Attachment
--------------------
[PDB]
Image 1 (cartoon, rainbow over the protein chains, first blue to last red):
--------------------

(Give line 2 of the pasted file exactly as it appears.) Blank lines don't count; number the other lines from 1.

Image 1 (cartoon, rainbow over the protein chains, first blue to last red):